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A bill floating in the California state legislature has received intense scrutiny by proponents of First Amendment rights, who are concerned that parents in the Golden State’s school system could be barred from voicing their opinions about their children’s education.
The bill, SB 596, was introduced by Sen. Anthony Portantino, D-Calif., and proposes that “any parent, guardian, or other person whose conduct in a place where a school employee is required to be in the course of the employee’s duties materially disrupts classwork or extracurricular activities or involves substantial disorder is guilty of a misdemeanor punishable by a fine of not less than $500, nor more than $1,000, or by imprisonment in a county jail not exceeding one year…”
According to Fox News, this bill would be an expansion of a preexisting law that barred parents from disrupting classroom activities and extend it to “off-campus activities.” In this context, a school board meeting could be considered an off-campus activity.
This bill comes after Californians have been pushing back on curriculum in school districts like MVUSD (Murrietta Valley), where parents supported the passage of a new policy that requires the school to notify guardians if their child identifies as transgender.
If SB 596 passes, it is conceivable that speaking up at a school board meeting in California could potentially be defined as a misdemeanor. The amended bill itself states:
“Any parent, guardian, or other person whose conduct in a place where a school employee is required to be in the course of the school employee’s duties materially disrupts classwork or extracurricular activities or involves substantial disorder, including substantial disorder at any meeting of the governing board of a school district, the governing body of a charter school, a county board of education, or the state board, is guilty of a misdemeanor.”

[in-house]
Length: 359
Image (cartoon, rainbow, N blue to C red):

California’s beleaguered school system has already gone through the ringer in the wake of the Covid pandemic with Gov. Gavin Newsom, D-Calif., at the helm of the state’s Covid-related policies.
Schools in California faced astringent masking policies and Newsom’s administration pushed hard for a statewide K-12 vaccine mandate.
Rep. Kevin Kiley, R-Calif., one of Newsom’s biggest critics, noted on X, “California schools, by the way, continue to have among the worst student learning outcomes and widest achievement gaps in the country.”
Per Fox News, Senior legal fellow at The Heritage Foundation, Sarah Parshall Perry, told the Daily Signal of the bill, “I find it curious that there’s no definition of ‘substantial’ or ‘disruption’ within the proposed text.”
According to the text of the bill itself, “course of conduct” would mean a “pattern of conduct composed of two or more acts occurring over a period of time,” and “harassment” would be defined as “willful” behavior that is directed at a specific person that “seriously alarms, torments, or terrorizes the person, and that serves no legitimate purpose.”
Further, the bill itself stated that verbal, written, or electronic communication could also be construed to school employees as a “credible threat.”